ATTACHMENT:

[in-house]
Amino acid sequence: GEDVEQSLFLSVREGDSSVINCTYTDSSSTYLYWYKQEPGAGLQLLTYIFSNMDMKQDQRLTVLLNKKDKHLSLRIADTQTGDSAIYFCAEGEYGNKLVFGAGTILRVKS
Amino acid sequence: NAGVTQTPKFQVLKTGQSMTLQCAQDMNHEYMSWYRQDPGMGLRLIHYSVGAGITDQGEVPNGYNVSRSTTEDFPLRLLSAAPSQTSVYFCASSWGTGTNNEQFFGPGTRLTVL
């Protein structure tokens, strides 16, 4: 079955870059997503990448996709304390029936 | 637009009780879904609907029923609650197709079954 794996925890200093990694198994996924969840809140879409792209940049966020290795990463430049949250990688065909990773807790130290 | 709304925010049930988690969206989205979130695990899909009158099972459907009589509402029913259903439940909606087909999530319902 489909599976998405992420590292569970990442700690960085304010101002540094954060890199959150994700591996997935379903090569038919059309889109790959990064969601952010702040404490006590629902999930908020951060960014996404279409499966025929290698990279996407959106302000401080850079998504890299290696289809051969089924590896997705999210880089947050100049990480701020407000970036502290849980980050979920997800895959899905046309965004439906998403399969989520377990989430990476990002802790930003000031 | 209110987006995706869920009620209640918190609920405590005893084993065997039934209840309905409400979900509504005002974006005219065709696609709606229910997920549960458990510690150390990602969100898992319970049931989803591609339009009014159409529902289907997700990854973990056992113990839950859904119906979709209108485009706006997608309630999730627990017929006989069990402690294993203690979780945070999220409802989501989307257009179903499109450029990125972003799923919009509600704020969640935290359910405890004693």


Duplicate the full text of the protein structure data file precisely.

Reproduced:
[in-house]
Amino acid sequence: GEDVEQSLFLSVREGDSSVINCTYTDSSSTYLYWYKQEPGAGLQLLTYIFSNMDMKQDQRLTVLLNKKDKHLSLRIADTQTGDSAIYFCAEGEYGNKLVFGAGTILRVKS
Amino acid sequence: NAGVTQTPKFQVLKTGQSMTLQCAQDMNHEYMSWYRQDPGMGLRLIHYSVGAGITDQGEVPNGYNVSRSTTEDFPLRLLSAAPSQTSVYFCASSWGTGTNNEQFFGPGTRLTVL
């Protein structure tokens, strides 16, 4: 079955870059997503990448996709304390029936 | 637009009780879904609907029923609650197709079954 794996925890200093990694198994996924969840809140879409792209940049966020290795990463430049949250990688065909990773807790130290 | 709304925010049930988690969206989205979130695990899909009158099972459907009589509402029913259903439940909606087909999530319902 489909599976998405992420590292569970990442700690960085304010101002540094954060890199959150994700591996997935379903090569038919059309889109790959990064969601952010702040404490006590629902999930908020951060960014996404279409499966025929290698990279996407959106302000401080850079998504890299290696289809051969089924590896997705999210880089947050100049990480701020407000970036502290849980980050979920997800895959899905046309965004439906998403399969989520377990989430990476990002802790930003000031 | 209110987006995706869920009620209640918190609920405590005893084993065997039934209840309905409400979900509504005002974006005219065709696609709606229910997920549960458990510690150390990602969100898992319970049931989803591609339009009014159409529902289907997700990854973990056992113990839950859904119906979709209108485009706006997608309630999730627990017929006989069990402690294993203690979780945070999220409802989501989307257009179903499109450029990125972003799923919009509600704020969640935290359910405890004693």